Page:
Poland's justice minister disputes tenure of top judge

Poland is on the verge of forcing nearly half its Supreme Court judges out

Thousands Protest In Poland Over Supreme Court Purge

Gersdorf still showed up for work Wednesday, insisting that according to the constitution, her six-year term runs through 2020.

"I'm not engaging in politics; I'm doing this to defend the rule of law and to testify to the truth about the line between the constitution and the violation of the constitution", Malgorzata Gersdorf told reporters after emerging from the Supreme Court building in Warsaw.

Protests started this week against the new law, mandated by the right-wing ruling party, that cuts the retirement age to 65 from 70 for Poland's Supreme Court justices.

She is now married to Bohdan Zdziennicki, a retired Polish Constitutional Court judge. It said it was launching an "infringement procedure", which could result in Poland being referred to the European Court of Justice.

She said after showing up for work that she plans to go on holiday from next week, and that Iwulski would be standing in for her during her absence.

"We contest the law, but we can not directly invoke the constitution, so we have complied with it", Michal Laskowski, a Supreme Court justice, told the liberal Gazeta Wyborcza daily.

We can not simply say: "this is a purely national issue", Valdis Dombrovskis, Vice-President of the European 'Commission and Commissioner for the Eurozone and Social Dialogue said.

Surrounded by hundreds of cheering supporters, Poland's top Supreme Court justice took a defiant stand on the courthouse steps here on Wednesday morning and vowed to keep fighting to protect the Constitution and the independence of the nation's courts.

The European Commission opened a fresh legal case against Poland over the Supreme Court changes on Monday, saying that they undermine judicial independence in the largest formerly communist member of the EU.

Poland's anti-communist freedom icon Lech Walesa joined protesters at the Supreme Court on Wednesday evening. The domestic upheaval as well as concerns by the European Commission prompted authorities to concede to some changes, though the main thrust of the legislation has remained the same.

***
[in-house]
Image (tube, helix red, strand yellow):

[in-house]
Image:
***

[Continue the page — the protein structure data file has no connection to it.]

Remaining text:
Demonstrators gathered in multiple Polish cities on Wednesday, and the wire service reports that they marched to the Presidential Palace to express their discontent with the actions of President Andrzej Duda.

Party leader Jaroslaw Kaczynski said Gersdorf is "doomed to fail miserably". "With no guarantees of basic freedoms, the fundamental rights of Polish citizens will be destroyed sooner or later", she said.

Under Article 7, the most serious punishment that could be inflicted would be the removal of Poland's voting rights in European Union institutions.

Guy Verhofstadt, president of the Alliance of Liberals and Democrats, said that putting judges under political control was reminiscent of Soviet practices and said Poland should abandon its "illiberal" illusions.

Within Poland, protests against the ruling party's latest actions are likely to be smaller than other recent demonstrations because many people want to see reform of the judiciary, Buras said - and don't realize that what the ruling party is doing is "outrageous".

Government critics now are putting their hopes in the European Union to preserve the rule of law in their homeland - a message that was reflected in the chants and slogans at the protest.

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